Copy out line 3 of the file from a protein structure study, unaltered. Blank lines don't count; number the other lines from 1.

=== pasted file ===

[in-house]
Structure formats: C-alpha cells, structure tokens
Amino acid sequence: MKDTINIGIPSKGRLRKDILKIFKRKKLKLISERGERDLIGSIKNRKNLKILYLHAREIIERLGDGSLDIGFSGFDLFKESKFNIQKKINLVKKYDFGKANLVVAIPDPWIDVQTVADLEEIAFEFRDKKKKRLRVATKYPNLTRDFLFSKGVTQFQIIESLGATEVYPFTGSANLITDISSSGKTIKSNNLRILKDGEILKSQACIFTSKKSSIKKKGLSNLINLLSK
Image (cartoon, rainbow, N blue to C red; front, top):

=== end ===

Amino acid sequence: MKDTINIGIPSKGRLRKDILKIFKRKKLKLISERGERDLIGSIKNRKNLKILYLHAREIIERLGDGSLDIGFSGFDLFKESKFNIQKKINLVKKYDFGKANLVVAIPDPWIDVQTVADLEEIAFEFRDKKKKRLRVATKYPNLTRDFLFSKGVTQFQIIESLGATEVYPFTGSANLITDISSSGKTIKSNNLRILKDGEILKSQACIFTSKKSSIKKKGLSNLINLLSK